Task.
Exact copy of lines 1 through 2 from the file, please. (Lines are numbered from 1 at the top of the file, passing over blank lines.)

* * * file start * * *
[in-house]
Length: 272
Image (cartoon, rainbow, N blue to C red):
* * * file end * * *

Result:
[in-house]
Length: 272